Quote of the Day

Monday, September 16, 2013

How Restoration Companies Document Jobs Without Really Trying

"David, Please look this case over and tell me what you think." The attorney handed me a folder, 1.5 inches thick, filled with Complaints, Disclosures, Responses to Interrogatories, Responses to Responses to Interrogatories, etc. 

I quickly scanned through the pages. It was a simple water loss that had gone south and the owner was suing because they thought the restoration company was responsible for the mold that was now in their house.

I found the estimate from the restoration company. It listed 48 fans days and 8 dehumidifier days. Did that mean there were 2 dehumidifiers for 4 days with 12 fans or since the owners claimed the fans seemed to run forever, was there only 1 dehumidifier for 8 days with 6 fans? Or did they start with 15 fans and remove some as areas dried? 

There was no mention on the cover page of when they were called out, what the source of the water was, or any other information relating to the loss. There were no drying logs or follow-up notes of any moisture testing.

The owner's claimed in the Complaint that they had the home tested for mold and there was a lot of mold, but they couldn't remember the name of the company and there was no mold report. The insurance company, owner, and restoration company all had different dates for the loss, which incidentally occurred over 3 years earlier. 

What a mess. I not sure I could  figure out what really happened, even with a divining rod!

Documentation typically is a nightmare for everyone. There are so many phone calls, abbreviated emails, texts, and face to face conversations and agreements that weeks or months later, the ice cream hits the fan as everyone tries to place blame for the problems. It really isn't that hard to leave a paper trail that will help unwind the tangled webs we do so often weave.

Following is a list of items or practices that Restoration Companies can use to help document jobs more thoroughly. These ideas work as well as you work them.

Contract & Authorization to Work -This is one of the most important documents you can produce. Without a signed contract guaranteeing payment and authorizing you to work on the property, you are left to the good graces of the owner or a judge to receive payment. In order to be valid and enforceable, contracts must contain certain elements.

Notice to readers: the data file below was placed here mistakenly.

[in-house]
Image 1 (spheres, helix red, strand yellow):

1. The names of all parties involved.
2. The date the contract was signed by each party.
3. A description of the work to be performed or services to be rendered.
4. The total cost of the work or services to be performed.
5. If the total cost can not be determined upfront, a schedule of hourly rates or unit costs for equipment, personnel and services is a must.
6. The dates by which the work or services are to begin and end.
7. The dates or conditions when payments are due.
8. Means to be employed if conditions are not met, i.e.; work stoppage, interest charges, withholding payment, legal action, etc.

Information sheets - Every company should have an information sheet, along with their owner contract, that is filled out the day of the first contact. This form will be referred to constantly as the job progresses. We always insisted that our techs could not start the job until all the forms were filled out completely. The information sheet should include:

1. Owner or representative's name.
2. Address of the loss.
3. Additional addresses of the owner or representative.
4. Phone Numbers, the home number as well as all cell phones.
5. Insurance carrier or liable party.
6. Technicians, estimators or coordinators working the job with contact numbers.
7. Source or cause of the loss.
8. Other notes, including; items discussed or promised
Work Orders - If there is a written work order form that is given to the techs before they go to the job, several good things happen.
1.  The techs have all the contact information, including the address of the property, phone numbers, time of appointment, etc.
2.  The techs know what work is required, where to do it and what equipment or supplies are needed so they come prepared.
3.  Any additional work that needs to be done can be added to the work order.
4.  The owner can sign the work order upon completion, accepting the work.
Satisfaction Completion Forms -This is a simple form that the owners sign after the final walk-through accepting the work and guaranteeing payment. If you have a pile of completed work orders and a final Satisfaction Completion Form, each signed by the owner, you are well on your way to receiving payment for the work as well as protecting yourself against any disagreements.